A native of New Orleans, Chandra Hawkins, 35, works as an administrative assistant. In 2015, she was diagnosed with Multiple Sclerosis (MS), but didn’t take the news seriously and went on raising her three children, working and living her life.
Six years later, however, Chandra’s legs began to weaken and give out without notice. Her condition quickly progressed to the point where one day, shortly after starting to drive her son to school, she was unable use both hands on the steering wheel because her left hand was shaking so badly.
Then, Chandra started walking with a limp that was significant enough for her co-workers to notice. Still, she went about her work until a colleague expressed concern and suggested she sit down for a bit. She encouraged Chandra to call the doctor and get checked out. Chandra appreciated the concern, but believed the issue would resolve after a good night’s sleep. However, when the problems continued, her fiancé, Barnell, urged her to go to the emergency department at Ochsner Medical Center. Doctors there ordered an MRI which confirmed Chandra was experiencing a flare-up of her MS, which is when there is an occurrence of new symptoms or the worsening of previous symptoms.
Chandra spent the next four days at Ochsner Medical Center, where she began receiving physical therapy to address the weakness in her hand and legs. Chandra and her doctors decided that because she was not physically ready to return home, additional recovery time at Northshore Rehabilitation Hospital would be the best next step. This decision was made easier for Chandra because the hospital was not far from her home, children and fiancé.
Upon admission to Northshore, Chandra’s goals were to regain her ability to walk, get feeling back in her hand and increase strength and endurance so she could “just feel like herself again.” Her physician-led team of physical and occupational therapists set Chandra up with a rehabilitation care plan to help her reach those goals.
Chandra’s physical therapists utilized the SCIFIT upper body exerciser and lower body recumbent bike to help her retrain her muscles and nerves. They also used an e-stim machine, which generates electric impulses that stimulate muscles to contract, on Chandra’s hands. This helped to improve movement, which Chandra said was “tremendously helpful.” Physical therapists also worked with Chandra in the parallel bars, using an overhead body-weight support harness to practice her walking. Simultaneously, occupational therapists guided Chandra on different ways to complete her personal care tasks, including dressing and bathing, so that she could be as independent as possible.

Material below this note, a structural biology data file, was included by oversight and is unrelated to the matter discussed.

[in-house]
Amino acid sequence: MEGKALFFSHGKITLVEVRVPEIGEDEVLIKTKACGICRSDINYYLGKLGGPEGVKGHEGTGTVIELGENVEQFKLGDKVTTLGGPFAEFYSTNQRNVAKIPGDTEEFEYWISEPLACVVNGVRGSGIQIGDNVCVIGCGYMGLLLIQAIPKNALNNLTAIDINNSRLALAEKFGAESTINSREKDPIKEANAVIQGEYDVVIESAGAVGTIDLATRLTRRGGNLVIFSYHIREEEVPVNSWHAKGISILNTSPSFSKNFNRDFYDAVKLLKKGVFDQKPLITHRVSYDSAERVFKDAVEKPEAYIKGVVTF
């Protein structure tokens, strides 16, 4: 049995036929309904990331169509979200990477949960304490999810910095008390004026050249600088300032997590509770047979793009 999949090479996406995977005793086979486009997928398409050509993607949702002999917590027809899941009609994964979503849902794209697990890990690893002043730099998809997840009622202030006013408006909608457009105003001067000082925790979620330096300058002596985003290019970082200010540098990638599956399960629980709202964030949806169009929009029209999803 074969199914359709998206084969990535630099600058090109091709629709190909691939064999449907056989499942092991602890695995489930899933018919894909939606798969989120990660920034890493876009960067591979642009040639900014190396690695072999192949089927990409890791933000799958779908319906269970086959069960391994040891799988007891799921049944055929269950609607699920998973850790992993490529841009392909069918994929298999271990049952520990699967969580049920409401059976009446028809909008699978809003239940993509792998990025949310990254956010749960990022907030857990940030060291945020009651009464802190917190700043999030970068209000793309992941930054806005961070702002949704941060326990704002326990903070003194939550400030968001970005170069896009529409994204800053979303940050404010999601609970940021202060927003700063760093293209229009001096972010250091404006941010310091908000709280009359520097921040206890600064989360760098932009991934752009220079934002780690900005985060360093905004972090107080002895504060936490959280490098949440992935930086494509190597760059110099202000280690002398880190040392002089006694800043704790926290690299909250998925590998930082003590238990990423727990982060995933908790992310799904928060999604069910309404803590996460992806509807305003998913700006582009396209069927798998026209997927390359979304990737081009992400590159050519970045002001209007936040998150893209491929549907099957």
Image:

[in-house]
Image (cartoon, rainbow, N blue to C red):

Chandra said that her turning point was also her lowest point. She did not feel her progression was happening fast enough, stating “it almost felt like a punishment for ignoring my MS for so long.” Chandra remembers feeling defeated when she didn’t even have the dexterity to pick up dice. The next day, however, Chandra was playing a game of Connect 4 as part of her occupational therapy and she was finally able to grasp the game piece and place it the rack. “That is when I realized that things were going to turn around for me,” she shared.
Chandra credits Barnell in playing a large role in her recovery process. The fact that he was able to “hold down the fort” and take care of the kids all while making sure Chandra had the support she needed was “really daunting.” This allowed Chandra to focus fully on her recovery and not spend too much time worrying about what was happening at home.
Chandra describes her time at Northshore Rehabilitation as “hard” because she wasn’t used to accepting help and had always been able to do things for herself. She shared that the rehabilitation process was a “humbling and eye-opening experience” but she learned to rely on others and accept help when she needs it.
After 13 days, Chandra made great progress. While she was still working on her balance, she felt much more like herself and was grateful that she has use of her hand again. While she couldn’t wait to return home to Barnell and the kids, Chandra said, “I might cry when I leave because everyone at Northshore has been so nice to me.” She added, “During those few rough times I had, the staff was right there to cheer me up and help me feel comfortable about myself again. She also shared, “I am not as invincible as I thought.” Her advice for anyone dealing with MS is to not ignore the little signs of a flare up, because when it appears full-force, you will definitely not be able to ignore it. Listen to what your body is telling you.”